After reading this, you might think twice about hand washing after your workout.

Dr, Erica Hartmann, of Northwestern University, and Dr. Ashkaan Fahimipour, of BioBE, have been heading a study on the relationships between gyms, anti-microbial chemicals, and antibiotic resistant microbes. It turns out that while you lift weights, microbes are doing a few reps of their own, and getting stronger, too. There has previously been laboratory research on how antimicrobial chemicals interact with pathogens, but little research has been done on this topic in the field. These researchers are working on changing that. Fahimipour et al. went to 42 different gyms in Oregon to vacuum up some dust samples and test microbes and chemicals in the samples. While there are too many factors in the built environment to say anything definitive, Fahimipour et al. found a strong correlation between the higher levels of antimicrobials found in gyms and the presence of drug-resistant pathogens. Our research team was looking at some of the most common anti-microbial chemicals; triclosan, triclocarban, and five different parabens. These chemicals are found in everything from toothpaste and shampoos to furniture and children’s toys, and they are meant to prevent pathogenic microbes from growing, but it seems they potentially have serious consequences for our health. In addition to testing samples for the presence and concentration of anti-microbial chemicals, and the overall microbial community, the team specifically looked for microbes resistant to penicillin, macrolides, and tetracycline, all common antibiotic drugs.

The research team decided to look at these chemical-microbial indoor interactions in athletic facilities because like in hospitals, the levels of drug-resistant microbes and chemical usage is higher than in many other types of built environments. To weed out extraneous microbes, the team compared the samples from the various facilities. If the same microbial species could be found in at least 75% of athletic facilities, they were considered to be part of the “core” microbiome of gyms. Six different taxa, Propionibacterium acnes, Pseudomonas sp., Massilia sp., C2-like viruses, 133 Subdoligranulum sp., and Enhydrobacter aerosaccus were determined to be part of the “core” gym microbiome. The study notes, however, that athletic facilities have all sorts of microbial species unique to a facility, each gym having its own distinctive “fingerprint”, so to speak. With a variety of people, locations, chemicals, it is unsurprising that there is such large variability in the collected samples. Even with all of this microbial “noise”, the study traced a positive correlation between high levels of triclosan and triclocarbon with antibiotic resistant microbes of these six taxa in all but one facility, which seemed not to harbor any drug-resistant pathogens.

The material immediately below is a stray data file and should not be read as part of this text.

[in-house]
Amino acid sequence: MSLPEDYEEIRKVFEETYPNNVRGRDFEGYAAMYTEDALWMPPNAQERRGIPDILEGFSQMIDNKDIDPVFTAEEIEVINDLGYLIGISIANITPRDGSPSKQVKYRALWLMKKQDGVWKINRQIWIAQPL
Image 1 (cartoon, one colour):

Researching microbial communities in the built environment certainly poses challenges as it is inherently difficult to control all the factors of a complex ecosystem, but our findings expose the need for further field-based research on how antimicrobial chemicals might be encouraging microbial resistance, with implications for everything from cleaning products in hospitals to germ-killing coatings on gym equipment to the type of shampoo you use. Until we know for certain the causative relationships surrounding drug-resistant disease, it might be a good idea to avoid antimicrobial soap.

Check out the study here.

PBS wrote an article about our study! Read it here.

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